Uh, let me think about that!





A Beginning Reading Lesson

Shannon McDevitt


Rationale: This lesson teaches children about the short vowel correspondence u= /u/. In order to be able to read, children must be able to recognize the spellings that map word pronunciations. Throughout this lesson, children will continuously practice recognizing, spelling and reading words containing the /u/ sound. To aid the children in remembering the correspondence, they will learn a meaningful representation (the girl pondering saying “Uh”) to make spelling and reading words containing easier. The students will participate in a letterbox activity and read a decodable book that focuses on the correspondence u=/u/.


Materials: Picture of the pondering girl, cover-up critter, dry-erase board for modeling, a dry erase marker, Elkonian boxes for students, letter tiles (l,u,n,c,h,s,w,g,m,d,r,p,t,b,p,k), ‘SWUNG’ poster, list of spelling words on a poster to read: lunch, swung, gum, drum, plug, must, club, grump and shrunk, decodable text for each child (Chuck and Chad), and assessment worksheets for each child.



1.   SAY: In order to become expert readers we have to learn the code that helps us pronounce words. We have already read some short vowel words like tap, grip and fed. Today we are going to add to that bunch and learn about the short u vowel sound. When I think of the short u sound /u/ I think of a girl, or boy, thinking really hard about something and saying “Uh” as if he/she is trying to come up with an answer (show the image). When we hear the /u/ sound, we know we must see a u (write letter on the board) in the word.

2.   SAY: Before we learn about the spelling of /u/, we need to listen for it in some words. When I listen for /u/ in words, my mouth is open and my tongue is down. I hear the sound a pondering boy or girl would make (model for the children what mouth looks like). I’ll show you first: mud. I heard the pondering /u/ sound and my mouth was open, there is a short u in mud. Now I am going to see if I hear that same sound in a different word: wrap. Hmm, I didn’t hear the pondering /u/ I hear a different short vowel. Now you try, if you hear /u/ say, “Uh, let me think about that.” If you don’t hear /u/ say, “That’s not it.” Is it in: club, tank, brush, treat, plus, hunt, stick, lunch, plum.

3.   SAY: What if I wanted to spell the word lunch? I can’t wait to eat my yummy lunch. To spell lunch in letterboxes, first I need to know how many phonemes I have in the word so I stretch it out and count : /l/ /u/ /n/ /ch/. I need 4 boxes. I heard the /u/ just after the /l/ so I am going to put a u in the second box. The word starts with /l/, so I am going to put l in the first box. Next, I already have my vowel, the u so I am going to sound out my word again and see what comes next. /L/ /u/ /n/ /ch/. I will put an n in my third box. I have one box left, I need to listen carefully to this next sound, /l/ /u/ /n/ /ch/. I know that two letters make the /ch/ sound, so I will put ch in my last box. Now here is a harder word to read: swung (show them poster with swung and model how to read it). I am going to start with the pondering /u/ sound that I know. Now I am going to put the beginning sound before it, s-w-u, /swu/. Now I have to add the ending, /swu-ng/. Oh, swung like “I swung the bat.”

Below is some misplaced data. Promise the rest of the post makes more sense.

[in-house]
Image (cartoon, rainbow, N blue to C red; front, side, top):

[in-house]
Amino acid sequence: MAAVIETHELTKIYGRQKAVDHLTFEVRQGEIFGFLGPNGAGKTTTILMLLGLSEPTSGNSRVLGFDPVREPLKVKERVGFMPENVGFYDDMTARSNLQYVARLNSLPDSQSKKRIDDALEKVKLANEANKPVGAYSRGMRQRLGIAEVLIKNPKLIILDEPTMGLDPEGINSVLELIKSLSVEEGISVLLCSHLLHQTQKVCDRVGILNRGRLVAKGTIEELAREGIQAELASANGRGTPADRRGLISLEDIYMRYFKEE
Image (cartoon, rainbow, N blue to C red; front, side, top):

4.   SAY: Now I am going to have you spell some words in letterboxes. We are going to practice our new correspondence, so be listening for that /u/ sound. You will need three letterboxes for the first word. The word is gum. Listen to the sounds when I say gum. I like to chew gum, gum. Let’s try another one-you will need four letterboxes now. The word is drum, the drum is my favorite instrument, drum.  (Allow children to spell the remaining words as I supply sentences for each word: plug, must, club, grump, and shrunk.)

5.   SAY: Now I am going to let you read the words you’ve spelled (show the words lunch, swung, gum, drum, plug, must, club, grump and shrunk). The small group of kids will read the words together then I will call on individuals to practice reading the words we just spelled. 

6.   SAY: You have done a fantastic job reading words with our new vowel sound. Now we are going to read a book called Chuck and Chad. Chuck is a chimp and Chad is a chick. They are both super hungry and cannot wait to have lunch. They decided to run to find some lunch and finally spot a perfect picnic with plenty of lunch for them. But will it be too much lunch for Chuck and Chad? Let’s read with your neighbor about Chad and Chuck. (Monitor progress as they read to each other). Great, now let’s read the story together (choral read together, frequently stopping to ask questions about the story.)

7.   SAY: Before we finish up with our lesson on the pondering /u/, I want to see how well you can solve these reading mysteries. On this worksheet, we have a few words missing. Your job is to complete each sentence with the word that makes the most sense. First, try reading all the words so you know what your choices consist of. When you are finished, hand your papers to me..



Clabby, B. Chuck and Chad Get Lunch. Reading Genie. http://www.auburn.edu/academic/education/reading_genie/teacherbooks.html

Murray, B. Making Friends with Phonemes. Reading Genie.   http://www.auburn.edu/academic/education/reading_genie/phon.html

Assessment worksheet: http://www.lessonplanet.com/teachers/worksheet-phonics-short-u--2


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